“The customer is king”: not a new phrase. But a phrase that probably resonates more than ever in the banking and payments sector as traditional boundaries are broken down and there is almost a free-for-all when it comes to competing for customers.
Undoubtedly the digital world has been at the heart of the changes seen in the financial services landscape, particularly by opening the doors for the vast array of fintech that have spotted opportunities to do things faster, easier, more cost-effectively than before. But it’s important to remember that serving the customer cannot come at the detriment of simply doing things quicker or cheaper courtesy of new technology.
To be fit to compete in the digital space, banks and payments businesses must focus now more than ever on the customer experience. This means they need to concentrate on their core proposition and deliver it well, leaving specialists – ‘utilities’ – to provide the crucial nuts and bolts to underpin their offering.
Payment providers – both new and old – know it makes no sense to build the utilities that underpin their service when they can focus their resources on owning and maintaining the client relationship. Incumbents such as the banks, struggling with legacy systems, and finding it hard to compete with new entrants, may also do better by outsourcing functions such as cross border payments, FX, lending and wealth management, leaving them free to focus on servicing their clients.
A force to be reckoned with
According to the PwC FinTech Global Report published earlier this year, executives at financial institutions fear that it is possible that by 2020, they will have lost nearly a quarter of their business to new market entrants. This increases to 28 per cent of their business when looking at the payments and transfers market. And more than 60 per cent of all survey respondents highlighted payments as the most likely sector to be disrupted by fintechs. They are a force to be reckoned with.
The march of mobile adoption globally has created a generation of consumers who expect immediacy, convenience, and security to be integral to payments. Yet, the traditional banking sector has, so far, struggled to keep pace with these innovations. The world of cross-border payments – often taking days to be settled – is just one example of the challenges being faced by conventional banking providers.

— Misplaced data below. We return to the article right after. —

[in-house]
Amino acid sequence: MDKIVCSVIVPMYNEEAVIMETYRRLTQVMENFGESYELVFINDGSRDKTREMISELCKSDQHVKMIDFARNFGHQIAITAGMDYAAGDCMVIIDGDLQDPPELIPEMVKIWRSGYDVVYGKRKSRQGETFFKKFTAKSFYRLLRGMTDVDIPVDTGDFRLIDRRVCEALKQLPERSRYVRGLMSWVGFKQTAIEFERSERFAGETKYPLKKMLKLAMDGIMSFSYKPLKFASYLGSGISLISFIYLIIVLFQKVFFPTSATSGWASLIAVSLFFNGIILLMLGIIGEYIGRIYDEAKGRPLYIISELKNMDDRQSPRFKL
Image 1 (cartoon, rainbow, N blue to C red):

But change is coming. And it appears to be coming in a number of different forms.
Many of the major banking groups are seeing collaboration as their route to slowing down or even halting customer desertion. In the last year a number of banks have taken stakes in fintechs, giving them a foothold in the new world. By applying agile technologies capable of solving long-term problems at a low cost, banks are able to pass savings on to customers.
And it’s not just a one-way street. By partnering with banks, fintechs have access to experienced professionals in the field of finance, and can often receive funding, increase reach, and utilise licenses necessary for them to scale far more quickly than if they were going it alone.
The emerging role of the ‘utility’
Another area of change is the recognition that not everything underpinning a service must be done in-house. And that’s where the role of ‘utilities’ – of which I count the Banking Circle as one – is emerging.
Just like the utilities used in a domestic environment – gas, electricity, water, etc – utilities for the banking and payments sector provide the unseen but necessary power and energy to give the customer a great experience. Working in partnership with specialist utilities also means that a business can move much faster, as well as reduce costs – all of which can be passed onto the customer. And because the utility isn’t in competition with a business – it’s a supporter – both organisations should have like-minded goals, rather than pit themselves against each other.
It is impossible to predict who will win in the digitalisation battle. But I firmly believe that using a ‘utility’ will be the route to success for those operating in banking and fintech. In particular, I believe tier two and tier three banks will become more digitalised, relationship-driven and focused on the customer relationship, outsourcing non-core functions such as lending, FX and cross-border payments to ‘utilities’ like us. And by 2020, the banking industry will be more fragmented, delivering ‘banking services’ in a much more dynamic and broader way than we see today. And increased innovation will ultimately benefit customers, making them the real winners.
Be ‘fit’ to compete
However, the fintech badge still seems to frighten off some. According to the PwC FinTech Global Report, 25 per cent of respondents said they do not liaise with fintechs at all. I believe this misses a key point. You have to know what you’re not good at to be ‘fit’ to compete for your customers. In the fast-moving world of the Internet of Things, that means being able to compete with the likes of Google, Amazon, Apple, Facebook and others. So now is the time to embrace the role of the ‘utility’.
Anders la Cour, Chief Executive Officer, Saxo Payments